Man United win ugly vs. West Brom, but can it serve as a springboard for the rest of their season?

MANCHESTER, England -- Two weeks ago Manchester United were a club in crisis after back-to-back defeats. Now, after a 1-0 win over West Bromwich Albion at Old Trafford on Saturday night, they are above Manchester City in the Premier League table.

In the space of an international break, Ole Gunnar Solskjaer has gone from answering questions about his future to fielding enquiries about a possible title challenge. Bruno Fernandes' second-half penalty -- United's first home league goal in 324 minutes -- was enough to earn a first home win in the league this season at the fifth time of asking.

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Losing three of your first four home games would usually rule out any hope of ending the season with the trophy, but this isn't a normal season. United are seven points behind leaders Tottenham with a game in hand and meetings with Southampton, West Ham, Sheffield United and Leeds to come before Christmas. After a start that has been hampered by a short pre-season and two international breaks, United's campaign can start here. Solskjaer will hope that it does, although he acknowledged afterwards there is work to do.

"It's definitely not a step forward performance-wise, but sometimes three points are more important than the performance," he said. "To move up the table, we have to play better. After an international break isn't easy, there is not much time to prepare for the game.

"We haven't had a win at home in the league this season. A lot was said and written, and it probably affected the players more than I'd have liked, but it has."

Solskjaer still has questions to answer, like why was the first 45 minutes against West Brom so sluggish? Why were both Nemanja Matic and Fred needed in midfield against a team who haven't won all season and what does Donny van de Beek have to do to get a game?

Solskjaer can point to the performance of goalkeeper Sam Johnstone as one of the reasons why the scoreline wasn't more comfortable after the former United academy graduate made two fine saves from Anthony Martial and another from Marcus Rashford. He saved Fernandes' first attempt at the penalty, too, only for video referee Peter Bankes to notice he had left his line early, giving the Portuguese midfielder a second chance to make amends.

It wouldn't be United if there wasn't a scare, though, and they needed referee David Coote to overturn his decision to award a penalty for a Fernandes challenge on Conor Gallagher just 47 seconds into the second half after looking at the pitch-side monitor. Ex-United star turned pundit Rio Ferdinand branded Coote's change of heart "disgraceful", although Solskjaer insisted the key decisions were right.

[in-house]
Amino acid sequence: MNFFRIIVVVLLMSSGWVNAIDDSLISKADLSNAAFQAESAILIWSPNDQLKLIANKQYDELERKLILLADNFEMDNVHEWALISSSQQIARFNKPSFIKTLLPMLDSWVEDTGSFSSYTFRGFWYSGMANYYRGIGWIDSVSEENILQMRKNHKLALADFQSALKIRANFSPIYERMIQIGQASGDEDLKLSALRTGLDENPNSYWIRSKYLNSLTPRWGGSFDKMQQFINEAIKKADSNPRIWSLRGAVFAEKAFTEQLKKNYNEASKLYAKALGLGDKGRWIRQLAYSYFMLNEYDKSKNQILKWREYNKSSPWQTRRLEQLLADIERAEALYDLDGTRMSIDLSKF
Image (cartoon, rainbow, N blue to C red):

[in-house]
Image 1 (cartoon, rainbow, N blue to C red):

"They are very tight calls, and he probably made two, no make that three, right decisions with the penalties because Sam was off the line," he said.

At the final whistle, Fernandes was caught by the television cameras puffing out his cheeks in relief and it was easy to understand why. It was not a performance that will frighten the rest of the league but after consecutive league wins for the first time this season and a welcome clean sheet, they are at least looking up the table rather than down.

Solskjaer's United has a history of building momentum, too. He won 14 of his first 17 games in charge after taking over from Jose Mourinho and went 19 games unbeaten last season. A similar run through December and January this season would lift United into the group of title outsiders with Tottenham, Chelsea and Leicester.

"We know we can play better than this and certainly could've made it more comfortable with chances early on," said Solskjaer. "When you don't do that there's always an edge to the game. It was important to get that win, you could see that, but we didn't have composure or quality to get the second goal."

Composure and quality in attacking areas are two things United need to find if back-to-back victories over Everton and West Brom are going to be a springboard rather than another flash of inconsistency.

In the space of 14 days, Solskjaer has gone from dead man walking to leapfrogging Pep Guardiola. In another fortnight, he will be preparing to go head-to-head against Guardiola at Old Trafford, having either built on a scrappy win over West Brom or slipped back toward square one.